We nearly pass the school, not recognizing it. Kids are standing around in the dust of the yard. I park the truck and out walks Riziki, the Headmistress. She recognizes Jakobu because Sarah goes to school here. After the introductions we go into her office, I place the letter I brought on her desk and we read it together "Projects of improving the school or updating what’s here". 

Riziki has more to add to my list, she shows us the bathrooms behind the classrooms, the dug well where water is the best around – they sell this water to the locals. She explains that kids skip out of school behind the tree line or come to class an hour or two late because there is no fence! This is a problem! They need a tall wire fence.  
The standard three class was playing with one ball, it looked like soccer, but there is another game that needs reviving – something with nets. It could be used and brought in to safely every night.  

The bathrooms are ok except there are no taps next to the toilet. Outside is one huge black water tank with a cemented table for washing hands, but the circular tap isn’t there since the kids "play" with the water and "waste it”. They could really use sensor taps here. Kids can’t wash their hands after using the toilet - another project.  The school has approx. 398 pupils and 7 teachers.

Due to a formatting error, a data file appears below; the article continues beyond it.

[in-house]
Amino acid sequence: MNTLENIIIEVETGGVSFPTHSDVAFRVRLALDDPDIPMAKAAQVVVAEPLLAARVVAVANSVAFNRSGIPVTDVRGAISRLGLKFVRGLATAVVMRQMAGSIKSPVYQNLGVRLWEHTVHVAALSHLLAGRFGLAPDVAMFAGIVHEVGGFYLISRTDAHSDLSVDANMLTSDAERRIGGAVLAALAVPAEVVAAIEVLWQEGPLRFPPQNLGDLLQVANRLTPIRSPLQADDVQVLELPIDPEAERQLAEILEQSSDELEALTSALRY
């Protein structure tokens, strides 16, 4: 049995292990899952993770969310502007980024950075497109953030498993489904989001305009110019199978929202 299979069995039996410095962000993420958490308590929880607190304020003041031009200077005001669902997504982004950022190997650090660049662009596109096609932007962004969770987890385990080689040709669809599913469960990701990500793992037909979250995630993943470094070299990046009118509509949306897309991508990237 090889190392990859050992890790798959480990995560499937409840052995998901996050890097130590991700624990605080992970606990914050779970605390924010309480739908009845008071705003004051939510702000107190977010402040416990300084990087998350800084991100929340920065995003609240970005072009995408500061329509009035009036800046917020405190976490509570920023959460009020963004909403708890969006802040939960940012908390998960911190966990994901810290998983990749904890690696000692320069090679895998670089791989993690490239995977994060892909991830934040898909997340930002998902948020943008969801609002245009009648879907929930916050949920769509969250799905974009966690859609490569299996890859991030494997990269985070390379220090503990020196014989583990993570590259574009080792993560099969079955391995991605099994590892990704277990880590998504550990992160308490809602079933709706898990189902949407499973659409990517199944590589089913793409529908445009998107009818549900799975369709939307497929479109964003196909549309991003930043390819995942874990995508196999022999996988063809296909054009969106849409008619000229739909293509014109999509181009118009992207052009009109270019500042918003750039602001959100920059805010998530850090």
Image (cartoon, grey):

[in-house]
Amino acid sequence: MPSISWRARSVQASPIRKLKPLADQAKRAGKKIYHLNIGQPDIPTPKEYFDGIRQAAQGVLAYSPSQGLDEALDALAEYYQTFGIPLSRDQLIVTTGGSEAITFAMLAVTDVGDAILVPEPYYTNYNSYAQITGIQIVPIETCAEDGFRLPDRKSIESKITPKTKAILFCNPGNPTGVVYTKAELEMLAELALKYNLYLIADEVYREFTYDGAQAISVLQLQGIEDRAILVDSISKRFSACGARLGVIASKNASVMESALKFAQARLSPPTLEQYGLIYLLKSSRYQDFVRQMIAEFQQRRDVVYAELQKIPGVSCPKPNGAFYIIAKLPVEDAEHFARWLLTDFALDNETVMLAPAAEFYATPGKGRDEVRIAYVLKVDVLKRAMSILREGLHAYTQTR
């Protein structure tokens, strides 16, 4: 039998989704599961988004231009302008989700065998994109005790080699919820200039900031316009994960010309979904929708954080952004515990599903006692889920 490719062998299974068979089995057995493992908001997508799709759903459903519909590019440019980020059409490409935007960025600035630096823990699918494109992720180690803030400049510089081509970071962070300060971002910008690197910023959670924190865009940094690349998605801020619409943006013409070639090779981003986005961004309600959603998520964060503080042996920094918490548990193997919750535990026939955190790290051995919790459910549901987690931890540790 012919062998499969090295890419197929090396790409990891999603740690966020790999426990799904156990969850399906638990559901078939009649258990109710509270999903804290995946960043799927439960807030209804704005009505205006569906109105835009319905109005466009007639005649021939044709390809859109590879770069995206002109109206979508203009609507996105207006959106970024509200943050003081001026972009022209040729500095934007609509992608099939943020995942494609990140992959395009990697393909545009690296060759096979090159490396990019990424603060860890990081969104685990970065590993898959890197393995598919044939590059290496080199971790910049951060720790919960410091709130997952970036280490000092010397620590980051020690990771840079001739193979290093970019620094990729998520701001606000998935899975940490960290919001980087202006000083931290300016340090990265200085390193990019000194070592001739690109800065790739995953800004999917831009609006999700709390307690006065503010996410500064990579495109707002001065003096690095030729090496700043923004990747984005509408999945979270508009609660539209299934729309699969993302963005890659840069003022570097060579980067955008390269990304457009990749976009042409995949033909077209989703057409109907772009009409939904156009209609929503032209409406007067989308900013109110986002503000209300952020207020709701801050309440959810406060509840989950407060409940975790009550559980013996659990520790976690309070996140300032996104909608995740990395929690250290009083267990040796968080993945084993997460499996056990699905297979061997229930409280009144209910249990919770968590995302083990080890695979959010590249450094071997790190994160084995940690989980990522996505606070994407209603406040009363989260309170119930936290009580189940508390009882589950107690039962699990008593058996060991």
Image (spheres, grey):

We (Jakobu, Riziki and I) picked three projects to get estimates for. First we need all the estimates from the fundis (construction workers/repairmen) to see if the money is enough. Riziki says there used to be a mlinzi (watchman) at the school, not anymore – no money to pay him.
# 1  -  The broken down platform surrounding the classrooms is dirt and mud in rainy season, hundreds of shoes are pure mud dragged into the classroom. This project takes stones, sand, cement and labour costs for the fundis. We will need one large truckload of stones and some loads of sand.  We think to do the right side platform first …  the left side also to be done, some day.

# 2 - There is no school bell! What is being used are two broken railway ties laying on the dust under a tree. I would like to see a real bell mounted on a post.

Riziki holding the "school bell"

# 3 - Swing sets! The frame is there and it's cemented in nice and sturdy, but no chains nor seats - no action here at all! There is a playground equipment business in town, so Riziki agreed to have an estimate done to install a second set of swings and repair the existing one. She says the kids would line up and take turns swinging with a teacher to supervise during recess.

Mama didn't mess around with getting started on the projects and before I knew it the fundis (carpenters, cementers, welders - basically any person preforming a trade) were starting on project # 1 - The platform - updates from Mama - "Big day down at Mtakuja school. The rocks all cut and levelled, ready for cementing tomorrow. I met the fundis; Rashidi, Omari and Joefrey. They needed another full load of special white fine sand to finish the smooth top. They expect to be done by Thursday".

Stone were laid first

"Desks were all outside where I parked because no walking allowed in and out of classrooms during cementing. They were huddled around one tattered book!"